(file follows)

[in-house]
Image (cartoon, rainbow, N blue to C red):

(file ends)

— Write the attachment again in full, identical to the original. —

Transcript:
[in-house]
Image (cartoon, rainbow, N blue to C red):